While waiting for a flight out of McCarran airport with her husband back in 1999, Beverly Rogers did her usual perusing of Hudson Books for a good airplane read. A copy of Used and Rare by Lawrence and Nancy Goldstone drew her attention. It’s the story of a married couple whose interest in rare books grew from an innocent challenge: to limit spending on gifts for each other.
“By the time the plane landed, I was hooked,” Rogers said. “The Goldstones have written two sequels. Get them. It’s the only way to understand how the fever begins.”
Rogers has established a $5 million endowment to support a rare books curator in the UNLV Libraries and will donate her collection of 1,300 books, manuscripts, and letters to the university’s Special Collections and Archives.
Here Rogers, UNLV's Alumna of the Year, offers some insight on the connections between several of the authors featured in her collection.
The Mill on The Floss by George Eliot (1860)
I found this work at the California International Antiquarian Book Fair in February 2014, while perusing Jonkers Rare Books (Henley-on-Thames), one of over 200 stalls at the Pasadena Convention Center.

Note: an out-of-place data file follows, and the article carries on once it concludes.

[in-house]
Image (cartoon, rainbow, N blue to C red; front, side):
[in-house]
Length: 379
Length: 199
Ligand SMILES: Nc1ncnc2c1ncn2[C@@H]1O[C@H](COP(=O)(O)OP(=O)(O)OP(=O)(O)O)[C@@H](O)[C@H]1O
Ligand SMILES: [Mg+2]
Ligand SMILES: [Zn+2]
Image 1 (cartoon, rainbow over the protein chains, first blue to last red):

I was drawn to this three-volume first edition of George Eliot’s The Mill on The Floss in a very pretty half calf binding. I have no idea why — I already owned a first edition, first issue of the title in original cloth binding.
Proprietor Christiaan Jonkers, whom I had not met, handed me a magnifying glass and said, “Take a closer look at the top of the title page.” Albeit a bit stained and worn, the blind stamped monogram W.M.T., the owner’s initials, revealed itself clearly. This is the copy from the library of William Makepeace Thackeray.
It was common practice during much of the 19th and early 20th centuries for those with means to bind their books to match. That binding I had admired was Thackeray’s personal choice. He bound most of his library in it.
As I walked away from the booth, books in hand, several book dealers I passed (some I knew, some I didn’t) said, “Wow! That’s Thackeray’s binding!”
As far as we know, Eliot and Thackery never met. Thackeray and Dickens were public admirers of Eliot’s first book, Scenes of Clerical Life, and Eliot outwardly called Thackeray “the greatest living novelist.” She had her publisher send presentation copies of Scenes of Clerical Life and Adam Bede to Thackeray, but not this title. It appears he purchased it — a measure of his esteem for her.
John Donne’s Collected Poems (1633)